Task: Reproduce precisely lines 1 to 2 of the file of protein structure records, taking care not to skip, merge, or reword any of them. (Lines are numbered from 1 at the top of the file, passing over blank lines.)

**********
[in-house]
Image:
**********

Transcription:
[in-house]
Image: